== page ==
Magic-users and elves get one roll on the Enchantment Type Table in GURPS Dungeon Fantasy 8: Treasure Tables for each level he has. From there, roll on the table it gives, and reroll results that give a spell not on the Wizard spell list from Pyramid #3/60: Dungeon Fantasy III and for which he lacks the Magery. Give him all the prerequisites spells for each spell he has. If you’re in a hurry, don’t worry about the prerequisites unless he needs one to blast his foes. He will have the spell at a skill of IQ+Magery-2 (or -3 if it is Very Hard), but if you roll the same spell more than once, add one to his skill each time. Magic-users should also get Lend Energy and Recover Energy.

Alternately, you can pick from the spell lists in Mirror of the Fire Demon, but you need to keep the Magery prerequisites in mind, since these templates have Magery 3 or so by default.

So, also on the 3rd level of the dungeon, I roll a 16 and an 11, which is 2d6 elves. Elves, like dwarves and halflings, don’t go up in level as you go down further in the dungeon, but we’ll call this 1d4+1 5th level elves to make them like the evil curates (5th level clerics) to make this more interesting. I’ll write for a lone elf to be clear.

Since they’re 5th level, we raise all his attributes and their secondary characteristics by 1, his Magery by 1, and his skills by 2. We have five rolls for spells. I get Clouds, which isn’t on the list, so it doesn’t count, Shape Water, Wall of Light, Charm, Shade, Rotting Death, which doesn’t count since he doesn’t have Magery 2, Power, which doesn’t count, and Destroy Water. I’ll put the prerequisites in the list too.

Rolling for equipment is a 14, which is a shortsword, mail armor, no shield. Since they’re elves, they have a 50/50 chance at a missile weapon, which we’ll give them anyways since GURPS elves are archery munchkins, calling a crossbow a regular bow since I rolled a 24. They have no magic items and no leader.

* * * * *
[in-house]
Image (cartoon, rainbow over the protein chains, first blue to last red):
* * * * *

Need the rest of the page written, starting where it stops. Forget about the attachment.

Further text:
Our 5th level elf:

ST: 12 HP: 12 Speed: 6.00
DX: 15 Will: 11 Move: 4
IQ: 11 Per: 11 SM: 0
HT: 12 HP: 12 DR: 4/2*
Dodge: 8 Parry: 11 Block: 11

Punch (16): 1d-1 crushing. Reach C.
Regular Bow (20): 1d+1 impaling. Range 195/260. Bodkin arrows do 1d+1(2) piercing instead.
Shortsword (17): 2d-1 cutting. Reach 1.

Traits: Acute Vision 2; Appearance (Attractive); Forest Guardian 2; Magery 0; Night Vision 2; Sense of Duty (Nature); Striking ST 1 (ST 13).
Skills: Bow-20; Brawling-16; Fast-Draw (Arrow)-19; Shield-17; Shortsword-17.
Spells: Alertness-9; Bravery-10; Charm-10; Continual Light-10; Create Water-10; Destroy Water-10; Dull Hearing-10; Dull Vision-10; Fear-10; Light-10; Loyalty-10; Keen Hearing-10; Keen Vision-10; Purify Water-10; Seek Water-10; Sense Emotion-10; Sense Foes-10; Shape Water-10; Wall of Light-10.
Class: Mundane.
Notes: DR against crushing is 2. He has the Shield skill, but can't Block unless he picks up a shield. Notable gear includes:
  • Fine Mail Armor (covering all locations except the face), $2,700, 45 lbs.
  • Regular Bow, $100, 2 lbs.
  • Shortsword, $400, 2 lbs.

Saturday, March 8, 2014

Blankets and Tents

Going through the equipment lists, I see no special reason why anyone would bother to buy a bedroll or a tent, since they do nothing. However, a blanket is part of the basic loadout, and tents are offered as an upgrade, so they should do something. So, this is me thinking out loud about how to handle them.